“ Brand: Marmite / Type: Bread „
I had a quick glance at the star ratings fellow Dooyooers had given these Marmite Breadsticks and it appears I am definitely in the minority because I really like them and will definitely buy more in the future.
I love Marmite so was tempted by a recent offer of 1 box of cereal bars with a packet of breadsticks free - thinking I had got a real bargain I gladly parted with £1. The cereal bars were disgusting so I wasn't in a hurry to try the sticks but I ate the contents of the bag yesterday and thoroughly enjoyed them.
It states on the front of the packet 'breadsticks will never have to be bland and boring again now that we've baked them with lovely Marmite'- funny they should say that as I've always found breadsticks to be both bland, boring and a total waste of time. These look good (although rather on the orange side) very crunchy, flavoursome and have only 110 calories per 30g bag. They conatin B vitamins and are fairly low in salt and sugar compared to crisps and because they take so long to eat they are an ideal snack if, like me, you are watching your weight.
I guess I had about 12 or 13 of these breadsticks in my packet which may not sound many but, believe me, they are so hard to bite into that it took me ages to finish them. This may put some people off but I like the fact that I could find a snack which I couldn't consume in under 2 minutes.
Mistakenly I thought they would be similar to breadsticks I've tried in the past ie crunchy on the outside and melt-in-the-mouth inside - wrong - these are crunchy through and through. I thought from the smell that they would taste simiilar to Twiglets but I was wrong again as they are much milder yet you still get a good Marmitey flavour.
They are a bit on the orange side which makes them look a bit like a processed food, not too attractive but, in my opinion, deceptively good.
The full ingredients and nutritional information are provided on the back of the pack and you don't need a magnifying glass to read the sensible white text!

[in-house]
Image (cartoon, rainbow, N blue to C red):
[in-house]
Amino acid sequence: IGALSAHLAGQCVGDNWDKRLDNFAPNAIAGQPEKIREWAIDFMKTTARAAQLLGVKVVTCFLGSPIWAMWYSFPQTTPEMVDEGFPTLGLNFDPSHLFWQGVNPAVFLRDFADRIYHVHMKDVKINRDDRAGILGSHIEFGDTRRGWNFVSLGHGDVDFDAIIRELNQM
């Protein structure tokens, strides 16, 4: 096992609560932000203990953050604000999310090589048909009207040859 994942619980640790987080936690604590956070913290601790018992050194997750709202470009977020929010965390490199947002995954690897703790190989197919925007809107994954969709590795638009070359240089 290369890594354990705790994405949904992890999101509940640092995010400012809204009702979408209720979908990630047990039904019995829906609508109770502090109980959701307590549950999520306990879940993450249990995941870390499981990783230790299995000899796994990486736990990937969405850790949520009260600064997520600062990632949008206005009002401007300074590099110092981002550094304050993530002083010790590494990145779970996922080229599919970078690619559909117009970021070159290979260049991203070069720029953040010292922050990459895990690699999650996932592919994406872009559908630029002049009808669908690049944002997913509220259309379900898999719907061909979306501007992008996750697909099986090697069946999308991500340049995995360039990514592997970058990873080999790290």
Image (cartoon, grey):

I can understand why some people may not like these breadsticks but as a Marmite -lover and having had such a bad experience with their cereal bars I can honestly say they are something I will add to my shopping list.
These breadsticks have been lurking in the back of the cupboard for a few months now, my thoughtful husband knowing I like Marmite bought these as part of a buy five packets for £2.00 deal at Asda. I neither love nor hate Marmite, it mixes up the morning toast routine a little and livens up the odd sandwich but it's not like I crave the stuff. Sadly this is why they were in the cupboard for as long as they were.
My husband pulled them out this morning and decided to give them the once over, I figured they weren't as appealing as he had first thought when he handed me a half full packet, offering to get me glass of water as well.
The packet is a matt black foiled bag, with the standard Marmite logo plastered on the front taking up most of the packaging. It looks exactly like the Marmite jar, except it is rectangular and not made from glass. The contents are different and there is a no screw top lid, in hindsight the two are actually nothing alike which leads me to the taste of the product.
After a quick once over of the breadstick, I quickly notice these are a miniature version of the longer breadsticks, measuring in at 4cm a piece. They are a burnt sienna colour, or more a dark golden brown and have a smooth texture. I bite into the breadstick and my instant thought is that they are exceptionally dry even for a breadstick and they have a burnt taste to them, which in reflection is similar to Marmite after all. They give a loud crunch but the flavour is like eating the old favourite, Twiglets, but with a less pleasing flavour.
I am surprised that although I didn't particularly like anything about these breadsticks I found them quite addictive and found that having something to dip them in gives it the right kick. I found cream cheese to be a favourite and chilli or onion relish being a close second, taking away the dryness and adding the flavour it could use. I feel for the price of these compared to a cheaper brand of breadstick it may not be worth handing over your pennies, but where I fail to be impressed someone else may find these to be a new favourite snack.
I give these three stars because of how addicted they are, if they came in bigger packets I'm sure I could have eaten them all, but I didn't enjoy the flavour as much as I had hoped I would.